One of the main avenues through which we hope to build up the Names core record set is through harvesting information about researchers at the repository level. There are currently two methods by which a repository can make their data accessible for use within the Names project. The first method is to submit their data to us by producing a data extract of their researcher information that conforms to our Data Format Specification. The second method requires the institution to be running EPrints 3.2.1 or above as their repository software, and was recently explored with The University of Huddersfield.
EPrints 3.2.1 and above provides semantic web support, including data export in RDF+XML. By developing specific classes to read the data output using Jena we are able to harvest data from the source to be used by our matching and disambiguation algorithms against the existing Names records. To test this out we recently collaborated with The University of Huddersfield to try and extract and disambiguate the creators from their EPrints repository.
The first, and simplest step, was to export Huddersfield’s EPrints data as RDF from their repository (http://eprints.hud.ac.uk/id/dump). Once we had done this we could easily process the resulting RDF+XML file, using our disambiguation algorithms to try and match creators identified in the document against existing individuals identified within the Names Service. Two types of creator were defined in the RDF dump: those that were internal (belong to the institution) and those that were external (don’t belong to the institution). Because the amount of disambiguating data pertaining to the external individuals was limited we decided to only process internal creators to help increase accuracy of the results, and reduce the noise of creating many files with sparse information.
Processing and testing of the Huddersfield data has been an iterative process, and we used the exercise to both contribute to our records and also help improve the accuracy of our disambiguation algorithms. After an initial run we managed to identify ~550 unique individuals, but we needed to quality assure these results in order to ascertain how accurate the matching was. In order to do this, two reports were produced, one containing potentially mis-matched records (records which contained information from two or more individuals), and one containing potentially non-matched records (separate records which contain information about the same individual). We discovered around ~300 potential mis-matches and ~200 potential non-matches.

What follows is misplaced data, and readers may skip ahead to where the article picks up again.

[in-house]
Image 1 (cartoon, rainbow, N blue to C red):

A team at the British Library with specialist skills were made available to quality assure the results, analysing each of the potential mis-matches to see whether an actual mis-match occurred, and analysing a sample of the potential non-matches to see whether a match should have occurred and why. The results of the mis-matches were encouraging, with 0 mis-matches found, however the results of the non-matches indicated that around 80% of the potential non-matches were actual non-matches.
Using this information we were able to fix a software bug, and also make further tweaks to the disambiguation algorithms to reduce the level of non-matches. After a further round of quality assurance by the British Library we discovered that we had reduced the number of non-matches to around 50% and the remaining cases were deemed impossible to match by automated means. These final records were merged manually.
Once all identified individuals had either been matched with an existing names identifier or assigned a new one we were able to return a list of assigned names identifiers to Huddersfield.
Some of the identifiers and records created or added to as part of this exercise are listed here:
1. http://names.mimas.ac.uk/individual/46934 (a record created purely from Huddersfield data)
2. http://names.mimas.ac.uk/individual/6831 (a record which already existed, but had Huddersfield data merged into it).